It’s really, really easy to pick apart other people’s mistakes, especially after the fact. If you’re a public figure making 10 good decisions and 1 bad one, a critic can jump in with “look at that mistake! It was such a mistake! I would never had made that mistake!” Oftentimes, the critic is even correct! But: in the same position, they would have made 2 other bad decisions, ones that weren’t even on their radar. From Zvi Mowshowitz on what would be difficult about being “in charge” during Covid:
…You can do better by taking a market price or model output as a baseline, then taking into account a bias or missing consideration. Thus, you can be much worse at creating the right answer from scratch, and yet do better than the consensus answer.
Think of this as trying someone’s fifteen-step chocolate chip cookie recipe, then noticing that it would be better with more chocolate chips. You might have better cookies, but you should not then claim that you are the superior baker.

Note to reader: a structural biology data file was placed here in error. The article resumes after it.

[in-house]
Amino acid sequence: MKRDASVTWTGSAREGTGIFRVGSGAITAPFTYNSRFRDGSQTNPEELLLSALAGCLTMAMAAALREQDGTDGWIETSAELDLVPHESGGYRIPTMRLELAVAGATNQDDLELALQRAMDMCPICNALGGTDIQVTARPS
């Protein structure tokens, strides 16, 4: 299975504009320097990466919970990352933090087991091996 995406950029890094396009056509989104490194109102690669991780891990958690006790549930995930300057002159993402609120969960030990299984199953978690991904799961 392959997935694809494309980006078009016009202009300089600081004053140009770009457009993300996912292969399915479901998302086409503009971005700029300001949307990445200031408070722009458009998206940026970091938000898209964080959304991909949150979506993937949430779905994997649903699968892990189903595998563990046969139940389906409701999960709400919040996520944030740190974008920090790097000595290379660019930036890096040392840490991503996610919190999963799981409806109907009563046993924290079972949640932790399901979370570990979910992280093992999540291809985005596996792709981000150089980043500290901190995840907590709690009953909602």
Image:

If you, right now, are sitting on a high horse, saying “it’s so obvious; just don’t take customer deposits and gamble with them”… guess what, you do not understand how complex systems break. There is no special ability to know which of your many decisions might be the one that causes it all go kaput. I’ve witnessed and responded to my fair share of outages at Google and Manifold, and very often dumb things led to these outages— but you’ll never know which of your actions are the dumb ones. While you were editing a config file that later broke the site, you didn’t sit back and think “hm, maybe this will crash the site, I should look at it carefully”. That change looked no different than the twenty other changes you made this week, all of which were fine and good.